Both candidates acknowledge that Middle and South Georgia will be prime battlegrounds for the next three months.
Barnes has spent more than an average of two days a week in the region since winning the nomination. He’s spread his attention out, too, visiting Savannah, Tattnall County, Vidalia, Beaver Creek, Waynesboro, Dublin, Thomasville, Houston County, Donaldsonville, Bainbridge, Homerville and Enigma.
“Middle and South Georgia have been a part of our focus since Day One,” Barnes campaign manager Chris Carpenter said. “… We feel like a pivotal part of the electorate is in Middle and South Georgia, and that Roy’s message of making Georgia work appeals to those voters.”
Deal hasn’t spent as much time in the region as Barnes, but that will change, Deal spokesman Brian Robinson said. The Deal campaign understands how important the region is.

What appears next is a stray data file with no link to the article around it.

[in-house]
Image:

“You can no longer just carry metro Atlanta and waltz into the Governor’s Mansion,” Robinson said. “The entire state is now a battleground.”
I’m going to go out on a limb here and argue with those fine people. South Georgia isn’t key to victory, it is an important piece of the puzzle but the key is turnout. The numbers just are not present in extreme North Georgia and South Georgia to clinch victory. Deal’s spokesman has the right idea of the entire state as a battleground – because that is what winning a state-wide election here has become. A campaign can’t just write off a county because of population or demographics.
Hurdle One, however, is getting voters to turn out. A strong showing of metro and a weak showing of rural Georgia will cancel all these efforts out. On top of everything else, this is a midterm election with typically lower turnout. These statewide campaigns are going to have to fight to get people to the polls and then fight for every vote they can get.